All of which brings us back full circle to behavior. While chinchillas are naturally peaceful and like interacting with humans, ferrets are typically a lot more aloof and indifferent.
This doesn’t mean that ferrets can’t be affectionate after you’ve had them for some time, but it does mean that they aren’t as naturally peaceful or ready to make friends as a chinchilla.
Overcoming These Differences
By now, you are probably beginning to see why a ferret and a chinchilla typically aren’t two animals that you’d put together as pets.
While they may both be cute and cuddly, a chinchilla is likely to be a lot cleaner, peaceful, and more sociable, whereas a ferret can leave more of an odor, be more aggressive, and doesn’t have the same immediate need for socialization as chinchillas have with one another and their human owners.
That’s why any attempt to own both of these creatures and make them “get along” is going to require some creative thinking. First and foremost, you absolutely need to find a way to ensure that your ferret doesn’t scare your chinchilla or, worse still, bite them.
The best way to do that is to make sure that the ferret is both well fed otherwise and give it incentives to trust the chinchilla and treat it like a friend in a way that it would not normally do so.
Put another way, it is in a chinchilla’s nature to make friends, whereas with a ferret, you’re trying to use nurture to reshape their nature. In order to do this, you’ll want to introduce the two to one another as early as possible so they have plenty of time to grow up together.
This is especially true when it comes to both parties becoming familiar with one another’s odors. The chinchilla especially needs to learn that this smellier creature with sharp teeth isn’t something to be wary of or wrinkle their noses at, but is in fact a friend.
And nothing solidifies friendship quite like treats. Make sure that you have plenty on hand when you introduce the two to one another and for many sessions afterwards, so that both animals associate one another’s presence with treats and thus think of them positively.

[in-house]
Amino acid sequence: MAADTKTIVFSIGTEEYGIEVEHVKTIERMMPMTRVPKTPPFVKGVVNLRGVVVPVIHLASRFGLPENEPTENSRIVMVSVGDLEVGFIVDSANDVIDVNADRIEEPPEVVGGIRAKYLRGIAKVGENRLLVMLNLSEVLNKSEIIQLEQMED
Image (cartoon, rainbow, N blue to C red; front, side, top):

That said, it is probably still best if you keep both the ferret and chinchilla in separate cages. You don’t want the ferret to get the wrong idea due to its instincts and start terrorizing the chinchilla with its sharp teeth and predator nature.
Make sure that both animals have plenty of space both in their cages and your home in general. They may be territorial, so be sure to keep them away from one another’s territory, especially at first.
Any play session needs to be very carefully supervised, and should take place in an enclosed space where neither can escape quickly. Finally, if the two haven’t been gradually socialized over months or even years, it’s probably best to keep them apart. A ferret will most likely see a new chinchilla as a snack.
At best, these animals can be kept in nearby cages and even then, if the ferret can smell the chinchilla, it might start lunging at the cage trying to get to it. In short, while ferrets and chinchillas can theoretically be trained over years to tolerate one another, they aren’t natural friends and introducing one into the other’s space is likely asking for trouble.
I have a bachelor’s degree in construction engineering. When I’m not constructing or remodeling X-Ray Rooms, Cardiovascular Labs, and Pharmacies, I’m at home with my wife, two daughters and a dog. Outside of family, I love grilling and barbequing on my Big Green Egg and working on projects around the house. Growing up, I had pet dogs, cats, deer, sugar gliders, chinchillas, a bird, chickens, fish, and a goat.